Article 37 of the Kenyan Constitution 2010, guarantees every person the right to peaceably and unarmed to assemble, demonstrate, to picket and to present petitions to public authorities.
It is with no doubt that freedom to assemble is a fundamental human right and not a privilege. It allows people to air their grievances and opinions through protests to demand actions from the authorities.
In Kenya, protests, demonstrations, strikes, processions, picketing and all forms of temporary gatherings aimed at promoting or defending a common goal are considered peaceful assemblies and the state is obliged to protect and fulfil the rights of those peacefully assembled. Law enforcers through the state should ensure that the protestors are protected from all violent elements like looters and other criminal activities.
Freedom of peaceful assembly should be free of fear, intimidation, harassment or arrest. When people gather for a peaceful assembly, it should be noted that the protestors not only have a right to freedom of peaceful assembly but also a broad spectrum of rights which include freedom of opinion, freedom of expression, freedom of association, freedom of thought, freedom of conscience, freedom of religion or belief, right to life, right to security, right to be free from torture, cruel and humane degrading treatment or punishment and right to a fair trial.
The state should ensure that this broad range of rights is protected by facilitating the assemblies and establishing dialogues with the organizers regarding safety and security measures. Law enforcement officers should create a mutual understanding and help reduce tension by avoiding threatening body language and the display of weapons and confrontational appearances. They should be absolutely patient while applying all rules and protecting protestors from violent criminal elements.
Freedom of peaceful assembly is a right and not subject to prior authorization. In Kenya, the state authorities require prior notification but this should be a presumption in favour of the assembly and their peacefulness. The law states that the regulatory officer should be notified of the intended public assembly at least 3-14 days before the public assembly date. The assembly can only be denied if there is a notice of another assembly at the same venue, time and date. The notification of the denial will then be communicated to the organizer in writing to a specified physical address.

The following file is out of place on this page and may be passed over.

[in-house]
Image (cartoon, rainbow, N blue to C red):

Notification is important because it gives the state authorities an opportunity to plan and facilitate the assembly to ensure that human beings, public and private properties are protected. Although this is the case, spontaneous assemblies do not require notification as they are in response to an incident or a specific event.
With the ongoing demonstrations in the country, it is important that the organizers of the protests, the police and the protestors understand their roles during the demonstrations.
The role of the organizers in protests should notify the authority of an assembly, be present during the protests, assist the police to maintain peace and order and appoint marshals.
The role of protestors on the other hand is to demonstrate peacefully while unarmed, they should not commit acts of violence and should avoid damaging public or private property.
The role of police in protests is to maintain security and order, protect media and observers, manage the crowd, protect vulnerable participants, children, persons with disability etc., facilitate the assembly and communicate with the protestors through dialogue.
Protestors should be cautioned against any form of violence as it is an offence and if one does, then they should be arrested for breach of peace and taken to court within 24 hours of their arrest. However, they still maintain their rights as an arrested person, and they should not be subjected to any form of torture, inhumane treatment or punishment.
The police should restrain themselves from using force at all times. They should use force as a last resort. Use of force should be within the law’s parameters and in accordance with the principles of precaution, legality, necessity and the sixth schedule of the National Police Act & Service standing orders.
Teargas and water cannons can be used only if necessary and in a proportionate manner. The police should ensure special care is taken not to use them if uninvolved bystanders are nearby or in places with vulnerable populations such as schools and hospitals.